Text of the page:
New York State Court of Claims

New York State Court of Claims



Spoliation motion, made on eve of trial, is denied in part and granted in part where movant failed to demonstrate that allegedly relevant, spoliated electronic evidence ever actually existed while also showing that defendant lost an investigation file relevant to issues raised in the claim.

Case Information

Claimant short name:
Footnote (claimant name) :

Footnote (defendant name) :

Third-party claimant(s):

Third-party defendant(s):

Claim number(s):
Motion number(s):
Cross-motion number(s):

Claimant’s attorney:
ERNSTROM & DRESTE, LLPBy: John W. Dreste, Esq.
Defendant’s attorney:
New York State Attorney GeneralBy: Eidin Beirne, Esq., Assistant Attorney General
Third-party defendant’s attorney:

Signature date:
October 31, 2007

Official citation:

Appellate results:

See also (multicaptioned case)


Claimant ECOR Solutions, Inc. f/k/a ERM C&O Services, Inc. (ECOR) moves pursuant to CPLR 3126 to preclude the defendant State of New York from offering as evidence at trial any reference to or use of undisclosed electronic mail or document, to preclude any reference to the contents of the computer hard-drive which claimant provided to the defendant’s agent, Malcolm Pirnie, Inc. (MPI) (and further requests in its reply papers an in camera inspection of this computer’s hard-drive), and to preclude, due to the defendant’s loss of the Department of Environmental Conservation (DEC) internal investigation file, “defendant from offering any evidence that ECOR allegedly violated health and safety obligations, including but not limited to alleged dust/particulate monitoring exceedences.” Claimant alternatively requests that the Court order that an adverse inference is warranted against the defendant “with regard to the issues for which [c]laimant has been deprived of evidence.” The claim alleges that claimant was wrongfully terminated by the defendant with respect to an environmental remediation contract awarded to claimant after a public bid process. The claim further alleges that the defendant breached the contract, which involved the remediation of a former industrial site in Greene County, New York (project). Defendant has counterclaimed against claimant to recover for costs incurred in completing the unfinished contractual work after contract termination.

Claimant was terminated from the project in April of 2002 and claimant served and filed this claim against defendant in August of 2002.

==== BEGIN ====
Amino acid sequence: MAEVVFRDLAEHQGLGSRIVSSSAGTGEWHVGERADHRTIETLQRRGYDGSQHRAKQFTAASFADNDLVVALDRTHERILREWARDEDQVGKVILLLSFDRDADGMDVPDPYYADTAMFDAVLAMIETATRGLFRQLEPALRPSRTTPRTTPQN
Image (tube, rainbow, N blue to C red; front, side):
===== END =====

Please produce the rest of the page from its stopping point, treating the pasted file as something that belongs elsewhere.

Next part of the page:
The defendant retained MPI to act as its consulting engineer with respect to the project. Pursuant to the contract, claimant furnished MPI an on-site computer (the MPI computer). Claimant contends that the defendant’s employees and MPI used the on-site computer, among other computers, to maintain information about the project and to communicate among themselves and with MPI, via electronic mail. Claimant further contends that defendant lost an internal investigation file compiled by DEC with respect to allegations that claimant was overcharging the defendant and that claimant violated certain health and safety obligations, including the emission of unsafe levels of carbon monoxide caused by the treatment of the industrial site soil.

Claimant served its first “Request for Production of Documents” on November 21, 2002, demanding that defendant produce all project related e-mail and other electronic correspondence, data contained in the MPI computer and the DEC investigation file. Defendant made numerous objections to claimant’s discovery demands, generally characterizing the demands as “vague, overly broad, excessively burdensome and palpably improper.” The parties subsequently agreed to continue with the discovery process “unless and until it becomes necessary” for the claimant to address the defendant’s objections by motion. Pursuant to this agreement, the defendant produced records for inspection and copying by the claimant, even as the parties exchanged correspondence related to defendant’s objections to the discovery demands.

In May of 2003 claimant requested production of the MPI computer. The computer and its hard-drive were inspected by claimant’s expert on July 8, 2003. Claimant was thereafter informed by its expert that “massive deletions of data occurred on March 28, 2003 and June 10, 2003.”

Claimant’s “2nd Notice for Discovery and Inspection” was served on November 13, 2003. Defendant again made numerous objections to the discovery demands, primarily claiming that the demands were “vague, overly broad and burdensome.” On December 30, 2003, defendant advised claimant of the “unavailability of e-mail requested by Claimant due to the [defendant’s] e-mail retention policies.” The result of the retention policy was that the “longest possible lifespan of an e-mail on a DEC server (including backup) would be 1 year and 14 days.”

Claimant made another demand for production of relevant e-mail correspondence on or about March 30, 2005. Defendant again made numerous objections to the discovery demands, generally stating that the demands were “vague, overly broad, excessively burdensome and improper.”

On March 23, 2006, with respect to claimant’s long-standing demand for the DEC investigation file, defendant advised claimant that a “DEC search has revealed no [investigation] file such as that referred to by [DEC investigator] Channing at his deposition.” On May 23, 2006, defendant advised claimant that “[r]egarding investigation file referred to by [DEC investigator] Conroy, search of records center (cold storage) at State Office Campus came up with nothing in trace under Conroy’s name. I have asked that a similar search be done for legal files also retired to records center on the chance that file might be there.” Ultimately, the defendant was unable to produce a copy of the DEC investigation file.

Despite the defendant’s ongoing CPLR 3122 objections and the issues detailed above with respect to the MPI computer and the DEC investigation file, the parties engaged in extensive and voluminous discovery proceedings between November of 2002 and October 31, 2006, when claimant filed a note of issue in which it certified that discovery proceedings known to be necessary were complete and that the claim was ready for trial. In addition, both parties moved for summary judgment (defendant on April 2, 2004 and claimant on June 9, 2004) without any apparent reference to spoliation of evidence.